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Plenty more shellfish in the sea

Following on from last week’s cookalong - which critics called ‘a resounding triumph’, ‘an instant classic’ and ‘a career-best performance’ - we’re looking at another shellfish pasta dish: paccheri with mussels, potato and samphire.

Paccheri is a type of tubular pasta often used with seafood sauces. It’s a perfect partner to the sauce that comes from cooking mussels.

All in all, get ready for something that’s simple and soothing while still light and fresh.

This week’s album: 
Lupe Fiasco’s Food & Liquor by Lupe Fiasco

Lupe Fiasco, real name Wasulu Muhammad Jaco, came on at a recent EMW Heads of Department meeting which made us realise that we’d neglected this great musician for too long. We discussed our favourite tracks, which spanned a few albums, but this one seems the appropriate pick. It’s his debut album and the one responsible for his rise to fame.

Potatoes and pasta

You might think adding potato to a pasta dish is an unnecessary amount of carbohydrates that would result in a heavy dish. And you might be right. But, in this instance, you’re wrong.

Potato in pasta is not an unusual pairing and one that’s found regularly in Italy. There’s even a dish from southern Italy called ‘pasta e patate’ - literally ‘pasta and potatoes’ - which is a perfect example of cucina povera: broken/scrap pieces of dried pasta are padded out with the ultimate ‘poor man's vegetable’, the potato, to ensure there’s enough to go around.

Although that dish was born out of necessity, or lack of any alternatives, it's actually delicious and incredibly tasty. Hence why in the wealthier north of Italy they have their own iconic potatoes and pasta dish called pizzoccheri della Valtellina: buckwheat pasta, cabbage, cheese and lots of butter. A true comfort dish.

Although potato is a key feature of this week’s recipe, the main element is really the mussels. We’ll cook them in white wine and season with lemon, chilli and garlic to create a vibrant flavour profile. We’ll then add samphire and parsley for freshness.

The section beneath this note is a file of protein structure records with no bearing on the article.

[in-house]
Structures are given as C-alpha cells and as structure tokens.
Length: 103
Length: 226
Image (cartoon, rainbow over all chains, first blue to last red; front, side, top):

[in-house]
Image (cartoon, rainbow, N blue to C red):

Re the pasta - I’m using paccheri which comes from the southern region of Campania...

Paccheri is derived from the Neapolitan word ‘paccharia’ which means slaps. It’s also called ‘schiaffoni’ as ‘un schiaffo’ is a slap in Italian.

Supposedly, these names were chosen because of the slapping sound this pasta makes when it's being cooked and eaten. We’ll achieve this (satisfying?) sound by creating a sauce from the cooking liquid that we’ll get from the mussels and white wine. That liquid will be slightly thickened by the cooked potato to create an unctuous (I used a thesaurus) consistency that slaps around the pan.

What you need

The below serves 2. It takes 10 mins to prep and 15 mins to cook.

100g-120g paccheri
(or pasta of your choice)
4 tbsps extra-virgin olive oil
1 medium potato
(washed & peeled)
½ tsp chilli flakes
1 garlic clove
(whole but lightly crushed)
500g mussels
100ml white wine
50g samphire
(woody ends removed)
¼ lemon (juice & zest)
15g parsley (leaves picked & roughly chopped, stalks retained)
Sea salt & black pepper

Ready, steady, cook

1. Place a pan of salted water onto a high heat. Bring to the boil.

2. Remove any beards from the mussels (the light-brown hairy stuff). Put the mussels into a large bowl of water and rinse thoroughly. Remove them from the water either with your hands or a spider so that any seaweed/grit remains in the bowl. If the remaining water is particularly dirty then repeat the process. Transfer the drained mussels to a dry bowl.

3. Cut the potato into small cubes (about 2cm). Place a large frying pan onto a medium heat and, when hot, add half the extra-virgin olive oil followed by the potato cubes, a good pinch of salt and pepper, the chilli flakes and crushed garlic clove. Cook gently for 4-5 mins (or until they start to become tender but still retain some bite).

4. While the potatoes cook, add your pasta to the pan of boiling water and set a timer for two mins less than the packet suggests for al dente.

5. Turn up the heat on the frying pan. To the bowl of mussels, add the wine and a couple of parsley stalks. Now carefully tip the mussel-bowl over the potatoes. Shake the pan gently and cover with a lid. Cook for two mins (or until the mussels open up) and then switch off the heat.

NOTE: there may be a few mussels that never open up. C’est la vie. Chuck in the bin.

6. Allow the mussels to cool for a moment before removing from the pan. Pick the meat from the mussels, discard the shells, then add the meat back to the potato mixture. You can leave a few shells for presentation if you like. Pick out, and discard, the garlic clove and parsley stalks.

7. Just before the timer goes off, put the frying pan back on a high heat. Transfer the pasta directly from the pasta-cooking water to the mussel and potato mixture (or scoop out a mug of the water and drain the pasta using a colander). Add in the samphire and toss everything through, adding any pasta-cooking water as needed to create a liquid-sauce consistency.

8. When happy with the consistency, add in the lemon juice and zest, chopped parsley, and remaining half of the olive oil. Toss together until the olive oil has emulsified. Split between warmed plates and slurp away.

Final thought

Nothing to see here. Speak next week.



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Eat My Words · Kew Gardens · Kew, TW9 · United Kingdom

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